But he doesn’t think the prescription is to double down on identity politics. “The Democrats are perceived as a party of identities as opposed to a party of interests,” he says.
Taking the long view, he says that African Americans were Republican voters before the Democrats made progress on civil rights in the 1960s. In the same way, he says that Democrats should not be too sanguine about a fast-growing Hispanic population coming to their rescue in the future. Times change, so counting on particular demographic groups can be disappointing.
But he also notes that after the Democratic rout of Barry Goldwater and congressional Republicans in 1964, that party was given up for lost much like the Democrats might be now.
His prescription is identical to Cramer’s. Listen and “ask what voters really care about.”
Somebody not like you
Gaylord Nelson put the minority in minority leader. When the future governor and U.S. senator served in the state Senate, Democrats were even deeper in the wilderness than they are now. In the mid-1950s, Nelson was the leader of only five Democrats in a 33-member body.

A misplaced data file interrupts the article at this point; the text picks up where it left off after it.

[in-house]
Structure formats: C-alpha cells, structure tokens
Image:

I met his daughter, Tia Nelson, for a drink at a cozy bar in downtown Madison. Years ago Tia and I both worked at the Nature Conservancy, she running international programs out of Washington while I was the Wisconsin chapter’s government relations guy.
You may recall her name because up until last year she led a quiet state agency that manages 80,000 acres of public land and administers a fund to help public schools. At least it was quiet until a member of her oversight board banned her or her staff from so much as talking about global climate change, even though these changes affect management of public lands. She eventually resigned and now works for the upstart Outrider Foundation.
I wanted to report that these times were just like the 1950s, when her beloved and iconic father led the Democrats from nowhere to prominence.
No dice. “These are not really comparable times,” she says. “Papa and others were building a party where for all practical purposes there had been none.”
By contrast, today’s party is well-established but with significant problems. “We’ve lost control of the narrative,” she says. “We think that the blue counties that went red are the working class voting against their own interest. I believe that to be quite mistaken, and a dangerous misunderstanding of what’s happening.”